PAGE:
Travel Articles

Turkey- Guzelyurt

Güzelyurt is a part of Turkey, which has not been totally discovered by tourists, allowing travelers who do make it here to see Turks living a traditional lifestyle. We’re riding here with Ahmet Diler of Kirkit Voyage, who grew up in Cappadocia and seems to know everyone in the area, making me feel a bit like a local on my travels here.

Ahmet’s stables in Guzelyurt are right on the edge of the village. We arrived the night before to pick our horses for the next days trek. I have ridden a lot of different breeds, but before this trip to Turkey had not ridden many Arabians. This breed is prized for its endurance, spirit and intelligence, and I was a little worried before I traveled here that the horses might be too spirited! I am glad to say that the Arabians that I have ridden in Turkey have been just right. For the past few days, I had been riding an angel of an Arabian named Incion. I was a little nervous to switch, but was pleasantly surprised by how well my new horse, Üzüm, was listening to me as we left from the stables, right on the edge of the village.

We headed along a trail through farmland towards the high church and monastery of Analepsis. The church and monastery rest on a hill overlooking a lake and the village. The setting is peaceful on the outskirts of town. We passed people working in their fields and women and men riding donkeys and carrying supplies to their homes. People here still very much have an agricultural lifestyle. Ahmet explained that most people have a plot land that they cultivate for themselves and their family.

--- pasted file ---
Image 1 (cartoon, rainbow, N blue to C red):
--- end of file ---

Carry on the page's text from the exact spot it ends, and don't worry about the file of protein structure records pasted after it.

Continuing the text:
If you arrive to Guzelyurt in the morning or evening, as we did on the preceding day, you’ll see a procession of cows leaving and coming back to the village. In this village, the cows literally come home at night and some even walk right through the front door and into their owner’s house. Families may keep a cow that provides them with fresh milk. During warmer months, they pretty much send their cow to day care during the day. Residents let their cows out onto the streets and a shepard herds them out to the fields for the day. At night, the shepard drops them off in the village and each cow walks to its owner’s home.